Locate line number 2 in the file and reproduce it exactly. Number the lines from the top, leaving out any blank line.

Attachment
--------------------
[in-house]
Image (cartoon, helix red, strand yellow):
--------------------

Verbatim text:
Image (cartoon, helix red, strand yellow):